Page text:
The five-time Ballon d’Or winner may be 33, but he remains a player at the peak of his powers, coming off a remarkable conclusion to the 2017-18 season in which he scored 23 goals in 13 Liga matches and helped Los Blancos claim an unprecedented third successive Champions League crown.
In an era in which nine-figure transfers are becoming increasingly commonplace, there is, nevertheless, a sentiment that spending €100 million (£88m/$117m) on a player who has repeatedly said that he wishes to continue playing into his fifth decade represents good value for money.
Ronaldo is showing no signs of slowing down and so long that remains the case, he will remain one of the most coveted players in the game and will win over those who believe his longevity and quality already made him one of the greatest ever.
Juventus, though, have been not a club habitually associated with making giant transfers in recent years, and certainly nothing in the order of the coup that they are currently undertaking.
At €90m, Gonzalo Higuain stands by far and away the club’s most expensive addition, having arrived from Napoli in the summer of 2016. Juve have only signed one other player for even more than half that amount: iconic goalkeeper Gianluigi Buffon, who arrived in Turin from Parma in 2001 for €52m.
Further complicating matters are Ronaldo’s wages, which are as great as his stellar appeal. Juventus will offer him a four-year deal that will be worth between €220-240 million, working out around €30m-per-year before tax or €60m-per-year after tax.
That emphasises the efforts the club are prepared to make to break their structure to sign Ronaldo, so how exactly will they manage it?
Firstly, Juve will amortise the transfer. That means that the full value of the deal will not go immediately into their accounts for the 2018-19 season. Instead, it will be split up into equal chunks of four, corresponding to the length of the players deal.
In this case, that means around €25m each year, which in combination with his wages means a total of approximately €85m every 12 months.
The Turin club have been running in profit over the past couple of years. Operating costs have been broadly in line with their annual revenues of €400m per year, and though the amortisation of other transfers costs them around €100m annually, their own player sales means that in the 2016 and 2017 accounts they posted gains of €4m and €42m respectively.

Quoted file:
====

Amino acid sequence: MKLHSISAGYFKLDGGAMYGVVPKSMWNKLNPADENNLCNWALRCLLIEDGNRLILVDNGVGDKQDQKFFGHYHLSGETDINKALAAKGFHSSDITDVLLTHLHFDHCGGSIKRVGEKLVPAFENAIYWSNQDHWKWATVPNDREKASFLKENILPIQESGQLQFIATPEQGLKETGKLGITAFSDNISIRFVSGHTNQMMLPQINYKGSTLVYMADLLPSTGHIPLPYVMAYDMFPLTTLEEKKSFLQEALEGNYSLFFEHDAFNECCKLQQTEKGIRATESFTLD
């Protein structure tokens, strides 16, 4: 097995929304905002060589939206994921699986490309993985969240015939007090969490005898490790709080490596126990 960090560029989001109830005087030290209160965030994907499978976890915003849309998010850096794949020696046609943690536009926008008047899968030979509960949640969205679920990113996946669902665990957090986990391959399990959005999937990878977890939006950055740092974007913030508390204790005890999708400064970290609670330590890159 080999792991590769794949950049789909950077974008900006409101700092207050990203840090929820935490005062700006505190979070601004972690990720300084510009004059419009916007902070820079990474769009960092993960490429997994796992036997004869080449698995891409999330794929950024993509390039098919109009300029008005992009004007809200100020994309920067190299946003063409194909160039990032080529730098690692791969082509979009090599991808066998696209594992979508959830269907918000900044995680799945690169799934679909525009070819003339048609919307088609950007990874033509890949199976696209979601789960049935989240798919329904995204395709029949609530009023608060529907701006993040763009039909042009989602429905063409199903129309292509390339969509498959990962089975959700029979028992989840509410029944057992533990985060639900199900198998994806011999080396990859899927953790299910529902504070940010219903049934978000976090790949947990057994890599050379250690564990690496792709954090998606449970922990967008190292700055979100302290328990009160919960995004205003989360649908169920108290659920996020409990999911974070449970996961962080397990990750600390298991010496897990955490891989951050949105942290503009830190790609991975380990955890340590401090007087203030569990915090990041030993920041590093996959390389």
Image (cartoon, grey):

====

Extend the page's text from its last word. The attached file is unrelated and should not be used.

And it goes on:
Costs jumped in 2018 due to an increase in amortisation in the current squad, and signing Ronaldo will significantly increase their overall operating costs due to the associated amortisation.
But there is no immediate panic. Financial Fair Play (FFP) is not a major concern for Juve as their costs for years 2017-19 will only be assessed prior to the 2019-20 season.
Only if they have a net transfer spend of €100m this summer will they be put under investigation, and that should be a relatively easy goal to manage.
Falling foul of FFP long-term is more of a possibility, yet it is one that Juventus can sidestep relatively comfortably.
Selling players is the most obvious way to raise a great deal of money in a short period. Higuain would seem to have little future at the club, particularly if they’re successful in signing Ronaldo. Jettisoning the Argentine would liberate around €15m of wages annually, plus his sale should raise around €60m.
Indeed, with the departure of Gianluigi Buffon to be replaced by Mattia Perin, Juve have already made a significant saving.
Ronaldo’s presence, meanwhile, will help generate revenue elsewhere in the business. It is expected that sponsorship and merchandising, for example, will rise in the region of 30 per cent, up from €75m and €19m respectively.
Fans will also have to fork out more to see a player who they applauded as he scored a brilliant overhead kick in Real’s brilliant 3-0 Champions League quarter-final first-leg victory in April. Ticket revenues were already expected to rise more than €10m from €60m this season due to increased prices, but the belief is that Ronaldo will generate even more money in this regard.
Furthermore, a new television deal will see Juventus earn €7-8m more in this domain.
The other major revenue stream, Champions League prize money, is more uncertain. With revenue in the competition increasingly linked to performance, the quarter-finals in each of the next three campaigns will become a minimum, although Ronaldo’s presence will, of course, make it easier for them to achieve this objective.
Juventus could also be lent a hand by their sponsors, who could ‘pay’ Ronaldo’s salary with large commercial contracts. For example, the Portuguese could become the face of Ferrari, effectively meaning the car manufacturer pays his wage for use of the player’s image.
It is not, therefore, too fanciful to suggest that Juventus have the means to complete the deal, although it remains a highly ambitious goal for them. If they get their man, though, there will be no doubt that they will be seen once again as one of the major players in the European game, having become nearly men in recent years.